Asian and African studies blog

21 April 2014

The Ramayana in Southeast Asia: (1) Cambodia

The recent digitisation of the Mewar Ramayana has enabled the ‘virtual’ reunification of this 17th-century masterpiece, bringing together paintings from the manuscript held across continents in different locations.  Originally composed in India in Sanskrit over two and half thousand years ago by Valmiki, the Ramayana is also one of the most popular masterworks throughout Southeast Asia.  This is reflected not only in the literary traditions, but also in the performing and fine arts, as well as in architecture and modern design.  The epic tells the story of Rama, his brother Lakshmana and Rama’s wife Sita, who was kidnapped by the demon king Ravana. The main part of the epic is about the fight between Ravana and Rama, who wants to get his wife back. In this battle, Rama is supported by his brother and a monkey chief, Hanuman, with his armies.

Knowledge of the Ramayana in Southeast Asia can be traced back to the 5th century in stone inscriptions from Funan, the first Hindu kingdom in mainland Southeast Asia. An outstanding series of reliefs of the Battle of Lanka from the 12th century still exists at Angkor Wat in Cambodia, and Ramayana sculptures from the same period can be found at Pagan in Myanmar. Thailand’s old capital Ayutthya founded in 1347 is said to have been modelled on Ayodhya, Rama’s birthplace and setting of the Ramayana.  New versions of the epic were written in poetry and prose and as dramas in Burmese, Thai, Khmer, Lao, Malay, Javanese and Balinese, and the story continues to be told in dance-dramas, music, puppet and shadow theatre throughout Southeast Asia. Most of these versions change parts of the story significantly to reflect the different natural environments, customs and cultures.

When mainland Southeast Asian societies embraced Theravada Buddhism, Rama began to be regarded as a Bodhisatta, or Buddha-to-be, in a former life. In this context, the early episodes of the story were emphasized, symbolising Rama’s Buddhist virtues of filial obedience and willing renunciation. Throughout the region, Hanuman enjoys a greatly expanded role; he becomes the king of the monkeys and the most popular character in the story, and is a reflection of all the freer aspects of life.  In a series of posts we will be exploring how the Ramayana epic has been rewritten and reimagined in the different parts of Southeast Asia, starting with the Khmer version, the Reamker.


Royal Reamker performance, accompanied by the royal orchestra, at the ancient site of Ta Prohm, one of the temples of Angkor.  Postcard from around 1915 published in Paris by the Anciens Etablissement Gillot, from a collector’s album of postcards from Laos, Cambodia, Burma and Siam.  British Library, ORB. 30/6309, p. [16]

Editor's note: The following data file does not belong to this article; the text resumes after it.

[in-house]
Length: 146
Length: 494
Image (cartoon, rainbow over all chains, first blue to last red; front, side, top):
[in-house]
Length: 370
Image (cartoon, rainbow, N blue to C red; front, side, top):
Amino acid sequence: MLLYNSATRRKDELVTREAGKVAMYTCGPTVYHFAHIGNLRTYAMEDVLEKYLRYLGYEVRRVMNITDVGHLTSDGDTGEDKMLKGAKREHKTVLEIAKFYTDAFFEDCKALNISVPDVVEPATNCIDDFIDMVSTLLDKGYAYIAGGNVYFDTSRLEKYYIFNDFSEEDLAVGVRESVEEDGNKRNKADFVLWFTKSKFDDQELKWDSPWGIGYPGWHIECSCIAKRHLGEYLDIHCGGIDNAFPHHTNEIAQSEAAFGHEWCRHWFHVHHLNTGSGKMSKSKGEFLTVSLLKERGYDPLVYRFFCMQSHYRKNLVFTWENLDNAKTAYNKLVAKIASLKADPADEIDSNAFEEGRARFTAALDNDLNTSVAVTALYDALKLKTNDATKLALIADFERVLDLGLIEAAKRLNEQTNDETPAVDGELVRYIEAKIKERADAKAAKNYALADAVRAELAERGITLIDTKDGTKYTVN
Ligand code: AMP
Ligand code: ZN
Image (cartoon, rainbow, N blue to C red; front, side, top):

The Ramayana very early reached the ancient Hindu kingdoms (Funan, Chenla, Champa) in the territory of present-day Cambodia, southern Vietnam and eastern Thailand through contact with the south Indian kingdoms, but the oldest extant literary version, the Reamker in the Khmer language, appears to date from the 16th century.  It preserves closer links to Valmiki’s original than do the other Southeast Asian versions. The Rama story became a favourite theme for frescoes on temple walls and was the exclusive subject of the traditional Cambodian shadow play. The popular masked dance drama, lkhon khol, was based on certain episodes from the Ramayana, and with Rama being regarded a former incarnation for the Buddha himself the story forms part of the repertoire of the Royal Ballet  to the present day.

Dancer of the Royal Ballet in the costume of Hanuman.  Postcard from around 1915 issued by the Comité Cambodgien de la Société des Amis d’Angkor, from a collector’s album of postcards from Laos, Cambodia, Burma and Siam.  British Library, ORB. 30/6309, p. [30]

The literary text Reamker has the form of a dramatic recitative that was intended to accompany a mimed dance performance. Live recitations of parts of the Reamker by one of the most famous Cambodian storytellers of the 20th century, Ta Krut, had been recorded in the 1960s and are available online from the Bophana Audiovisual Resource Center.

Further reading:

Reamker (Ramakerti), the Cambodian version of the Ramayana. Translated by Judith Jacob with the assistance of Kuoch Haksrea. London: Royal Asiatic Society, 1986 (ORW.1989.a.1223)

J. J. Boeles, The Ramayana relief from the Khmer sanctuary at Pimai in Northeast Thailand.
Sachchidanand Sahai (ed.), The Ramayana in South East Asia. Gaya 1981 (W 6784)

Jana Igunma, Curator for Thai, Lao and Cambodian


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